Cannot open file (/home/2-web/29/b4/gbdeducation.com.au/public/www/wp-content/backup/.htaccess)Cannot write to file (/home/2-web/29/b4/gbdeducation.com.au/public/www/wp-content/backup/.htaccess) VCE Outcome 2: Witness – Identity and Belonging Folio | GBD Education Services

VCE Outcome 2: Witness – Identity and Belonging Folio

Written explanation: I’ve drafted here a short newspaper article that presents the results of an interview with the protagonist after the events of the film Witness. The article is short, to the point (to the prompt!), and assumes that the reader is already familiar with much of the past drama (of the film). As such, it presumes a media frenzy that has almost passed with respect to John Book, the Philadelphia police force, and the citizens of the Amish community. Almost, but not quite! The purpose and appeal of this article is to identify with the new celebrity cop. Readers here enjoy an opportunity to better understand the man who has become a legend. John Book is deliberately presented by the journalist as a humble hero, and an aura of both mystery (the wry smile) and unexpected power (see the final lines) is imbued. The article as published would definitely enjoy a photo of John at his most handsome, and the journalist would plan to present several more articles after his interview as part of a serialization (I might have made that word up).

    The article only hints at the importance of Rachel with respect to the prompt. Nevertheless, such an interpretation would appear in another article, for I’m convinced that she plays an important role in the text that cannot be understated!

    Prompt “As we journey through life, identity must be constantly renegotiated.”

      TOP OF THE LADDER

      Sitting across from John Book, one is immediately struck by his sense of composure. His suit and tie might not be straight and perfect, but his eyes hold your own steadily and he shares a wry smile with you.

      It’s hard to imagine him hiding in a hay-loft from colleagues who sought to kill him.

      “Of course I was frightened,” he reflects, “Who wouldn’t be? I’ve always thought I was a strong, determined and courageous cop, but being hunted by other cops was truly terrifying. Yet there were innocent people in that community who had bravely defended me, even though I was a complete stranger to them – women and children who didn’t deserve to be caught up in such terrible events. I took courage from them, and did my duty.”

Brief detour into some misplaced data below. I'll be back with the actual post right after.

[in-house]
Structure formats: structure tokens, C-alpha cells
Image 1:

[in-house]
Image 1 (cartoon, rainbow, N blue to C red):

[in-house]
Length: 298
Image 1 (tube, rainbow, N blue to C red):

Indeed, John Book became a hero when he exposed a ring of corrupt officers from his own department, a story of treachery and violence that culminated in a deadly shoot-out, and the final surrender of then police-chief Paul Schaeffer.

      “To discover such a betrayal from people you know and you trust – it’s heart-breaking, you know? When McFae and Georgie were first sent out after me and shot me, I had to hide to recover from the wound. I was in desperate need of a hospital and the bullet almost killed me, but I couldn’t risk them finding me. Yet what hurt even more was on the inside – learning that they were dishonest. These were good cops, the best of us. To learn it was all a lie was crushing. For a time I was trying to hide from myself – an officer of the law.”

        So how did the detective – now wounded, still hunted, and very confused – manage to rise against the officers out to kill him and become the top cop?

        John Book’s answer is enlightening: “Out there amongst the Amish, away from the harsh realities of the force and the hard hustle of Philadelphia, I found something real. Something I could believe in. Something I could live up to.”

        “You found God?” I prompted.

        “No,” and he gives me that wry smile again. “I found humanity again. And then I found myself.”

          Article written by police reporter Angus Davison.

          Leave a Comment

          You must be logged in to post a comment.